PROTAMINE SULFATE

PROTAMINE SULFATE
(proe'ta-meen)
Classifications: antidote;
Therapeutic: antidote

Pregnancy Category: C

Availability

10 mg/mL injection

Action

Because protamine is strongly basic, it combines with strongly acidic heparin to produce a stable complex; thus anticoagulant effect of both drugs is neutralized.

Therapeutic Effect

Effective antidote to heparin overdose.

Uses

Antidote for heparin overdosage (after heparin has been discontinued).

Unlabeled Uses

Antidote for heparin administration during extracorporeal circulation.

Contraindications

Hemorrhage not induced by heparin overdosage; pregnancy (category C); lactation.

Cautious Use

Cardiovascular disease; history of allergy to fish; vasectomized or infertile males; diabetes mellitus; patients who have received protamine-containing insulin.

Route & Dosage

Antidote for Heparin Overdose
Adult/Child: IV 1 mg for every 100 units of heparin to be neutralized (max: 100 mg in a 2 h period), give the first 25–50 mg by slow direct IV and the rest over 2–3 h

Administration

Note: Titrate dose carefully to prevent excess anticoagulation because protamine has a longer half-life than heparin and also has some anticoagulant effect of its own.

Intravenous

Note: Verify correct IV concentration and rate of infusion for infants or children with physician.

PREPARE: Direct: May be given as supplied direct IV.  Continuous: Dilute in 50 mL or more of NS or D5W.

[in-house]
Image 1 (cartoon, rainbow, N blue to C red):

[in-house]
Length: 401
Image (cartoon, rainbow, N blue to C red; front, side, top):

ADMINISTER: Direct: Give each 50 mg or fraction thereof slowly over 10–15 min. NEVER give more than 50 mg in any 10 min period or 100 mg in any 2 h period.  Continuous: Do not exceed direct rate. Give over 2–3 h or longer as determined by coagulation studies.  

INCOMPATIBILITIES Solution/additive: radiocontrast materials, furosemide.

  • Store protamine sulfate injection at 15°–30° C (59°–86° F).
  • Solutions do not contain preservatives and should not be stored.

Adverse Effects (≥1%)

CV: Abrupt drop in BP (with rapid IV infusion), bradycardia. Body as a Whole: Urticaria, angioedema, pulmonary edema, anaphylaxis, dyspnea, lassitude; transient flushing and feeling of warmth. GI: Nausea, vomiting. Hematologic: Protamine overdose or "heparin rebound" (hyperheparinemia).

Interactions

No clinically significant interactions established.

Pharmacokinetics

Onset: 5 min. Duration: 2 h.

Nursing Implications

Assessment & Drug Effects

  • Do not use protamine if only minor bleeding occurs during heparin therapy because withdrawal of heparin will usually correct minor bleeding within a few hours.
  • Monitor BP and pulse q15–30min, or more often if indicated. Continue for at least 2–3 h after each dose, or longer as dictated by patient's condition. Be prepared to treat patient for shock as well as hemorrhage.
  • Lab tests: Monitor effect of protamine in neutralizing heparin by aPTT or ACT values. Coagulation tests are usually performed 5–15 min after administration of protamine, and again in 2–8 h if desirable.
  • Observe patients undergoing extracorporeal dialysis or patients who have had cardiac surgery carefully for bleeding (heparin rebound). Even with apparent adequate neutralization of heparin by protamine, bleeding may occur 30 min to 18 h after surgery. Monitor vital signs closely. Additional protamine may be required in these patients.

Common adverse effects in italic, life-threatening effects underlined; generic names in bold; classifications in SMALL CAPS; Canadian drug name; Prototype drug

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